Nebraska Pastor on Trump’s Ascent: ‘We Feel Abandoned by Our Party. There’s Nobody Left.’

Evangelical Christians such as Gary Fuller, pastor of Gentle Shepherd Baptist Church in Lincoln, Neb., find themselves dismayed and adrift now that Donald Trump has wrested control of the Republican Party. (Katie Zezima/The Washington Post)
Evangelical Christians such as Gary Fuller, pastor of Gentle Shepherd Baptist Church in Lincoln, Neb., find themselves dismayed and adrift now that Donald Trump has wrested control of the Republican Party. (Katie Zezima/The Washington Post)

Pastor Gary Fuller planned a Sunday service focused on involving Christians in the political process and featuring a speech by the pastor father of Sen. Ted Cruz. But after a week in which Cruz abruptly dropped out of the race, his father scrapped his appearance here and Donald Trump became the Republican Party’s standard-bearer, a dismayed Fuller kept the political portion short.

“Vote according to your convictions,” Fuller told congregants at Gentle Shepherd Baptist Church who will cast ballots in Nebraska’s presidential primary Tuesday. “What you believe is the right thing to vote for, according to the Scriptures.”

He told congregants that the church can’t and won’t promote one candidate over another. But Fuller has a hard time stomaching Trump as the Republican nominee and plans to vote for Cruz on Tuesday, even though the senator has dropped out of the race.

“In a sense, we feel abandoned by our party,” Fuller said. “There’s nobody left.”

Fuller and other conservatives whose voting decisions are guided by their Christian faith find themselves dismayed and adrift now that Trump has wrested control of the Republican Party. It is a sentiment that reaches from the small, aluminum-sided church with a large white cross on its front that Fuller and his wife built on the Nebraska plains to the highest levels of American religious life. Even progressive Christians — evangelicals and Catholics, among others — who don’t necessarily vote Republican are alarmed that Trump is attracting many voters who call themselves religious. A coalition of nearly 60 Christian leaders — many progressive and some conservative — published an open letter last week asking voters of faith to reject Trump and his “vulgar racial and religious demagoguery,” warning that the nation faces a “moral threat” from the candidate.

“Certain kinds of political appeals and certain kinds of political developments are fundamentally antithetical to the Christian faith and must be named as such,” said David Gushee, a professor of ethics at Mercer University who signed the letter.

There is consternation about the hard line Trump takes on immigrants and about the morality of a thrice-married man who has long bragged about his sexual conquests. But another factor is at work as well: The traditional social and cultural positions that drive many religious conservative voters, including same-sex marriage and abortion, have been cast aside by a candidate who seems to have little interest in fighting the culture wars.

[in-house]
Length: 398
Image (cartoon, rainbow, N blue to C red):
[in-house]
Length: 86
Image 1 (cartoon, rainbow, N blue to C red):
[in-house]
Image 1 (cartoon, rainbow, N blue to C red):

In the past, Trump has espoused social views to the left of his party, including a longtime acceptance of gay rights, although he has since moved right on many of them. He has praised Planned Parenthood for helping millions of women. He is running as an antiabortion candidate but had said in the past that he supported abortion rights and would not ban the procedure known as partial-birth abortion.

And while he says he is against same-sex marriage, he has attended a same-sex wedding and is opposed to a North Carolina law — aimed at transgender people — that requires people to use bathrooms that correspond with the gender on their birth certificate. He said transgender activist Caitlyn Jenner could use the women’s room at his properties.

“This year the Republican Party has not just surrendered on the culture wars, they’ve joined the other side. And that’s a unique situation,” said Russell Moore, president of the Ethics and Religious Liberty Commission of the Southern Baptist Convention.

Cruz crusaded for social issues, making opposition to the transgender bathroom law one of his biggest fights at the end of his candidacy. The gambit failed when the senator from Texas lost badly to Trump in Indiana, a state that passed a controversial religious freedom law last year that led to a heated fight few want to relitigate.

“Trying to use social issues as primary issues to define a campaign has not borne out as effective for those candidates who embraced it,” said Gregory T. Angelo, president of the Log Cabin Republicans, which advocates for conservative gays and lesbians.

But there are voters like Fuller for whom “it’s always about social issues.” He cast ballots for John McCain and Mitt Romney despite not loving their platforms, but he felt they were men of character who would do right by the country. Many at a Baptist conference he attended last week were shaking their heads, he said, unsure about how to handle the upcoming election; supporting Hillary Clinton and her liberal positions seems contrary to everything many of them stand for.

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SOURCE: The Washington Post
Katie Zezima

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